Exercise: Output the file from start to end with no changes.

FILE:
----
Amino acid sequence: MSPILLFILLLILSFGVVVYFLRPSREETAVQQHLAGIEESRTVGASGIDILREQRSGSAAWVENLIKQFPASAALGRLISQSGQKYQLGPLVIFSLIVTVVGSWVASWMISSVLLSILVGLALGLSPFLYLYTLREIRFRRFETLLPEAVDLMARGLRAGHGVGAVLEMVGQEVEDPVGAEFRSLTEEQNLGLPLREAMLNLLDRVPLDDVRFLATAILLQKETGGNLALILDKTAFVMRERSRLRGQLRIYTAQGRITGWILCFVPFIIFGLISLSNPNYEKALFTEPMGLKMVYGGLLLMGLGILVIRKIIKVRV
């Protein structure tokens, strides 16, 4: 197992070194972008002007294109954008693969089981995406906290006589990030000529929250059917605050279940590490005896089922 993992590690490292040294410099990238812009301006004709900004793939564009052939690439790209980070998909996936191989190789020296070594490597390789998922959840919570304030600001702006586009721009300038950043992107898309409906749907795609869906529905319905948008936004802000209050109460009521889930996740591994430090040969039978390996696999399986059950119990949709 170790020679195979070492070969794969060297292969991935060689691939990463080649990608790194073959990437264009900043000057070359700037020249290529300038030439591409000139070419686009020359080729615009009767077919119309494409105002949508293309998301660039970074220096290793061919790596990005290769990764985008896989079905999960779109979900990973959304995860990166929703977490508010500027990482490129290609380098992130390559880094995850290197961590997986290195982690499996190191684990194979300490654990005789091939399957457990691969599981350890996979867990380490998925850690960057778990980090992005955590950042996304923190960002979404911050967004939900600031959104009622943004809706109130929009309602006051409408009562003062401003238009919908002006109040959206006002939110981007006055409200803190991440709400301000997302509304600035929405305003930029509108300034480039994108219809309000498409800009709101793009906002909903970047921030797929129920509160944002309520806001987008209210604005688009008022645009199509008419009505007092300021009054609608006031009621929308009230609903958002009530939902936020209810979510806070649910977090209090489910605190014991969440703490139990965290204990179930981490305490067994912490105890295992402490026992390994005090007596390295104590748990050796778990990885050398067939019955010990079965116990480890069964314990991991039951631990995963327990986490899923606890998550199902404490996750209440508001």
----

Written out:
Amino acid sequence: MSPILLFILLLILSFGVVVYFLRPSREETAVQQHLAGIEESRTVGASGIDILREQRSGSAAWVENLIKQFPASAALGRLISQSGQKYQLGPLVIFSLIVTVVGSWVASWMISSVLLSILVGLALGLSPFLYLYTLREIRFRRFETLLPEAVDLMARGLRAGHGVGAVLEMVGQEVEDPVGAEFRSLTEEQNLGLPLREAMLNLLDRVPLDDVRFLATAILLQKETGGNLALILDKTAFVMRERSRLRGQLRIYTAQGRITGWILCFVPFIIFGLISLSNPNYEKALFTEPMGLKMVYGGLLLMGLGILVIRKIIKVRV
């Protein structure tokens, strides 16, 4: 197992070194972008002007294109954008693969089981995406906290006589990030000529929250059917605050279940590490005896089922 993992590690490292040294410099990238812009301006004709900004793939564009052939690439790209980070998909996936191989190789020296070594490597390789998922959840919570304030600001702006586009721009300038950043992107898309409906749907795609869906529905319905948008936004802000209050109460009521889930996740591994430090040969039978390996696999399986059950119990949709 170790020679195979070492070969794969060297292969991935060689691939990463080649990608790194073959990437264009900043000057070359700037020249290529300038030439591409000139070419686009020359080729615009009767077919119309494409105002949508293309998301660039970074220096290793061919790596990005290769990764985008896989079905999960779109979900990973959304995860990166929703977490508010500027990482490129290609380098992130390559880094995850290197961590997986290195982690499996190191684990194979300490654990005789091939399957457990691969599981350890996979867990380490998925850690960057778990980090992005955590950042996304923190960002979404911050967004939900600031959104009622943004809706109130929009309602006051409408009562003062401003238009919908002006109040959206006002939110981007006055409200803190991440709400301000997302509304600035929405305003930029509108300034480039994108219809309000498409800009709101793009906002909903970047921030797929129920509160944002309520806001987008209210604005688009008022645009199509008419009505007092300021009054609608006031009621929308009230609903958002009530939902936020209810979510806070649910977090209090489910605190014991969440703490139990965290204990179930981490305490067994912490105890295992402490026992390994005090007596390295104590748990050796778990990885050398067939019955010990079965116990480890069964314990991991039951631990995963327990986490899923606890998550199902404490996750209440508001």